Calling Your Doctor

So you are now pregnant and you have read all the books you can get your hands on, viewed web sites etc, but do you know when you should be calling your doctor? Do you know when a sudden ache should make you call your doctor at 3a.m.? Well, I guess it is often difficult to know just when you should be calling your doctor and when you shouldn’t. We can only guide you in the right direction, but my feeling is always it is better to be safe than sorry. There are a number of other issues which come in to play as well, such as your current health status and so it is also probably a good idea to discuss a list like this with your healthcare provider.
  • Once you baby starts to move and kick regularly, and signs that he/she is moving less than usual, you should speak with your doctor about kick counts. Also read our article on Feeling Your Baby Move.
  • Severe or persistent abdominal pain or tenderness.
  • Vaginal bleeding or spotting.
  • Any increase in vaginal discharge or a change in the type of discharge. Should it become watery, mucousy, or bloody, even if it’s only pink or blood-tinged. However, once you pass 37 weeks, an increase in mucous discharge is normal and may indicate that you’ll be going into labor soon.
Other signs which might need you to call your doctor or healthcare provider ASAP include:
  • Pelvic pressure, or simply a feeling that your baby is pushing downwards, low back pain, menstrual-like cramping or abdominal pain.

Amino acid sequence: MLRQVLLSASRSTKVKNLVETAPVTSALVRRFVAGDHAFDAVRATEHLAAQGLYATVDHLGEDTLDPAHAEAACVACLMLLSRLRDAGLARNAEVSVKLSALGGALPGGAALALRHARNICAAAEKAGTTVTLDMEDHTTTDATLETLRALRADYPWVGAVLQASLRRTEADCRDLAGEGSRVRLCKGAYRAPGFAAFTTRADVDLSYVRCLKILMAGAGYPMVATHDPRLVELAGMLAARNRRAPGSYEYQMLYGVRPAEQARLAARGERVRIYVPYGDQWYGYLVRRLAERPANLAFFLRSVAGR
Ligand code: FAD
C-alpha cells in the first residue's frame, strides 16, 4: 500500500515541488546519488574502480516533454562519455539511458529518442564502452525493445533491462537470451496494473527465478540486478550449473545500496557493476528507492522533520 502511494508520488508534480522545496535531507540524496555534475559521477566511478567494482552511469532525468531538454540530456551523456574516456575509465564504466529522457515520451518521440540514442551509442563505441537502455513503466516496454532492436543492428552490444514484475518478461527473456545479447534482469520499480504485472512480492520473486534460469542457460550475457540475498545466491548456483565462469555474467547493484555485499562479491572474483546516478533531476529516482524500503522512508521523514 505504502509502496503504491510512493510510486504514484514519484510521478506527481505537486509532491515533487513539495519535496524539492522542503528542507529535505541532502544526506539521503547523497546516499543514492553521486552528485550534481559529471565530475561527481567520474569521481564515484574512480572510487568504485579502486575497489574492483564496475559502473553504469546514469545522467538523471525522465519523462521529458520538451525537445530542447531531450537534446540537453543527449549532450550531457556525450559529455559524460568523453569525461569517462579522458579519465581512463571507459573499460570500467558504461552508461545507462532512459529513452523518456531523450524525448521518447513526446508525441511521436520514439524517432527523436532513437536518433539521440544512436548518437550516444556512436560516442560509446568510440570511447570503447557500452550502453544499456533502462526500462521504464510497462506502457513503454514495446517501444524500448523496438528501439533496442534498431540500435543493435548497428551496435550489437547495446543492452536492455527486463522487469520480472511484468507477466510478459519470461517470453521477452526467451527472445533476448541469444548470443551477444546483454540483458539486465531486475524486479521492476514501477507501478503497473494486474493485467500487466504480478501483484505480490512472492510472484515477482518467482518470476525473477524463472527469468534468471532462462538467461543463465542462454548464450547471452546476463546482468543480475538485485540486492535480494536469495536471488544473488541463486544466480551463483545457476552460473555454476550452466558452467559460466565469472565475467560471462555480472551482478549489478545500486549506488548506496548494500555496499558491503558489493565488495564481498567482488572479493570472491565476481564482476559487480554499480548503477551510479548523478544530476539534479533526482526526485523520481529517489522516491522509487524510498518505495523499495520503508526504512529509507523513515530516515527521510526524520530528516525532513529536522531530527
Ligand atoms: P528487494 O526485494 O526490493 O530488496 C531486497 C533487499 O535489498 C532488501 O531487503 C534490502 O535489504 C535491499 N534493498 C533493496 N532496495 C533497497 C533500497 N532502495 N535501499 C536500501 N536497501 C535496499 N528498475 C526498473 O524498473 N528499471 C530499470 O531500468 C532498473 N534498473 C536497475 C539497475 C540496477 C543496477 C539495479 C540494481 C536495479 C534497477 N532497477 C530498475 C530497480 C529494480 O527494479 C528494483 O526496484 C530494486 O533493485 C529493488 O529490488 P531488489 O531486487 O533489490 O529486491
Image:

• More than four contractions per hour, even if they may not be painful, before 37 weeks.
  • Painful or burning urination or little or no urination.
  • Persistent vomiting or any vomiting accompanied by pain or fever.
  • Fever of 100F or higher.
  • Visual disturbances such as double vision, blurring, dimming, flashing lights.
  • Persistent or severe headaches or any headache accompanied by blurred vision, slurred speech, or numbness.
  • Any swelling in your face or puffiness around your eyes, severe and sudden swelling of your feet or ankles, or a rapid weight gain, anything more than 4 pounds in a week.
  • Persistent or severe leg cramp or calf pain that doesn’t ease up when you flex your ankle and point your toes toward your nose or when you walk around, or one leg being significantly more swollen than the other.
  • Trauma to the abdomen.
  • Fainting, frequent dizziness, a rapid heartbeat, or heart palpitations.
  • Difficulty breathing, coughing up blood, or chest pain.
  • Severe constipation accompanied by abdominal pain or severe diarrhea that lasts more than 24 hours.
  • Persistent intense itching of your torso, arms, legs, palms, or soles or a feeling of itchiness all over your body.
Remember that it is simply better to be safer than sorry, so if you simply are not feeling your normal self, speak to your doctor. Finally, if you’re near your due date, check out the signs of labor so you’ll know what to look for and when to call your caregiver.
Calling Your Doctor

Please note: The information provided on this website is not intended to and do not constitute professional medical advice, diagnosis, or treatment. Always seek the advice of your physician or other qualified health provider with any questions you may have regarding a medical condition. Never disregard professional medical advice or delay in seeking it because of something you have read on this website.